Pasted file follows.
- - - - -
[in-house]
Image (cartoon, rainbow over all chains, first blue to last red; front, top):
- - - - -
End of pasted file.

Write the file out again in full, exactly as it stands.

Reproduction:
[in-house]
Image (cartoon, rainbow over all chains, first blue to last red; front, top):